In their imagination there is no place for an afterlife and eventhough they are monogamist they do not know a wedding ceremony.

The dialogues that Elizalde wrote down testify of their innocent look on life:

Q: "Until when does a couple stay together?"

A: "Until their hair is white."

Q: "What do you dislike ?"

A: " Loud voices and shining (threatening, angry) eyes.

They don't follow a leader nor do they know war or violence. "Our ancestors told us that we should never leave this place" is a phrase that the Tasaday repeatedly told Elizalde.
In Manila their words have not fallen on deaf ears and the Tasaday have received a substantial territory so they can continue to dream in peace and wait for the day that the Great Fortune-teller (Manuel Elizalde) would re-visit the tribe with the Great Bird (the Panamin helicopter). The Tasaday are not unhappy with the contacts with the outside world, but their productivity, nor their way of gathering food, has changed because of it.

Soldier of Wodann
Sunday, June 15th, 2008, 01:35 AM
Those pictures look so fake.

And the idealizing natives as being "peaceful" and "non-violent" is a totally ridiculous phenomenon. I think all of the early explorers would quite avidly disagree with it.

Elysium
Sunday, June 15th, 2008, 01:55 AM
Those pictures look so fake.

And the idealizing natives as being "peaceful" and "non-violent" is a totally ridiculous phenomenon. I think all of the early explorers would quite avidly disagree with it.

That's because they are racists. :)

In my opinion, most natives that were displaced by settlement, are quite hostile, not to mention unintelligent.

Siebenbürgerin
Sunday, June 15th, 2008, 02:01 AM
I think all of the early explorers would quite avidly disagree with it.
Such as? Sources to back up this claim?

Soldier of Wodann
Sunday, June 15th, 2008, 02:04 AM
Such as? Sources to back up this claim?

Look up James Cook or Ferdinand Magellan, two of the most famous explorers in history. I don't think they had the best of experiences.

Elysium
Sunday, June 15th, 2008, 02:55 AM
Look up James Cook or Ferdinand Magellan, two of the most famous explorers in history. I don't think they had the best of experiences.

In Australia we are taught in school that Cook came here and the first thing he did was try to exterminate the tribes. :D

Brynhild
Sunday, June 15th, 2008, 03:05 AM
I think it's quite interesting how this particular tribe could go unnoticed for so long.

Some of my own observations come to mind:

They would appear to be a gentle people who had their own way of going about things - they certainly didn't need anybody else, did they? Apparently, there was no need for them to leave their own place to explore for other parts unknown - a rare commodity in itself in comparison to other races.

Savage, that would depend on one's definition. They were obviously civilised enough in that they had ensured their own survival in probably the most remote rainforest in the world.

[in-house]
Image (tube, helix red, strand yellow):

Intelligent also in that they knew how to live off the land, observe the seasons and everything else that our ancient forebears once knew to do. The concept of life and death would certainly be more acceptable to them, just like the passing of the seasons.

We could learn so much from these people, so long as those who commune with them don't exploit the situation which makes it more detrimental than beneficial.

Schmetterling
Saturday, June 21st, 2008, 09:46 AM
Centuries passed and the mighty Aztec and Mayan empires rose and fell, and the European invaders brought havoc, but somehow the tiny Naso realm survived in its jungle pocket. Today, it is one of the few tribal kingdoms in the Americas with a royal inheritance system recognised by the state.

And now fate has played a trick. The river which was its lifeblood is at the heart of a dilemma which is tearing the tribe apart. The Panama government wants to build a hydroelectric station on its banks, a project which will bring development - and possibly destruction. The prospect of the outside world's vices and virtues penetrating their jungle has split the 3,500-strong Naso and left them with a dynastic feud, two rival monarchs, an abandoned palace and an uncertain future.

The discord reflects an anguished debate about Naso identity and the balance between heritage and modernity. It also reflects two men's ambition to wear a crown of bird feathers - a power struggle between an uncle and nephew redolent of a tropical Shakespearean drama.

Link (http://www.guardian.co.uk/environment/2008/jun/16/endangeredhabitats.conservation)

This is a good example of how modernity wrecks traditional culture and only sees the opportunity of profit. While there's a point in that mastering science and technology not necessarily pose an immediate threat to these tribal communities, the key point here is that they should have the right to follow their own natural development. Of course they have the right to develop science and technology, but not via means of imposing this upon them. That's colonialism and we've seen the effects of that in the third world (yes, South Africa is "decent," but also remember the immense racial conflicts down there, not to mention the exploitation of the land in general).

Link (http://www.corrupt.org/news/modernity_threatens_cultural_heritage_of _jungle_tribes)